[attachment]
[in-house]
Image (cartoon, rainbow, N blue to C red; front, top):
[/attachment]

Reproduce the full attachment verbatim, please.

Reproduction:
[in-house]
Image (cartoon, rainbow, N blue to C red; front, top):